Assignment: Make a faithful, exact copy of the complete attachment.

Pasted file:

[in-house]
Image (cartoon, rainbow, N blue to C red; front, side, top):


[in-house]
Image (cartoon, rainbow, N blue to C red; front, side, top):